In a decision of enormous significance for Tamil Nadu and indeed for politics in the rest of India, the Karnataka High Court has acquitted J. Jayalalithaa, former Chief Minister of the state, of all charges in the disproportionate assets case against her.
“The appeal is admitted,” vacation judge C.R. Kumaraswamy announced tersely at 11 am when the court convened, her counsel told reporters. The detailed judgment on why her conviction has been set aside was released later and is available here.
In essence, the High Court concluded that the prosecution and trial court had erred by underestimating Jayalalithaa’s actual income and overestimating her expenditure on the marriage of her foster son and on property that was allegedly owned by others on a benami basis. After recalculating her income and expenditure, the HC concluded that the quantum of disproportionate assets in her possession amounted to only 8.12 per cent of her income, a figure below the 10 per cent threshold for conviction.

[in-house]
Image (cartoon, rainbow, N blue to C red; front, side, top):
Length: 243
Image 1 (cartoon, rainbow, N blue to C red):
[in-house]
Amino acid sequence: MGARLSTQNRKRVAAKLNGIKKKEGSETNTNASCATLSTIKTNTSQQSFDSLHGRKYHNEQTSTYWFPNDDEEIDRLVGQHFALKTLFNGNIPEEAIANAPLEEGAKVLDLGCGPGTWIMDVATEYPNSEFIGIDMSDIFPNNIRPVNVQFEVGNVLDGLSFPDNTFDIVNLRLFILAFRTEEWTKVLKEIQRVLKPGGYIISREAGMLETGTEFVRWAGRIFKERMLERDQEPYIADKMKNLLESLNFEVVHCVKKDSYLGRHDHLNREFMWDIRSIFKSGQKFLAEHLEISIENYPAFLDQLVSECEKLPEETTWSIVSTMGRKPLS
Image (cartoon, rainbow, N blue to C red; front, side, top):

The acquittal means Jayalaithaa can be sworn in once again as CM, a post she forfeited when a special court in Bangalore convicted her last September. The 10-year disqualification from electoral politics that her conviction came with also now stands removed.
While the special prosecutor has the right to appeal her acquittal before the Supreme Court, Monday’s decision means Jayalalithaa is free to capitalize on what her party supporters hope will be a wave of sympathy for the ‘puratchi thalaivi’ by perhaps calling snap elections.
The term of the Tamil Nadu assembly ends next May. However, the actual scheduling of polls is a decision of the Election Commission.
Read The Wire’s primer for a detailed background on the case.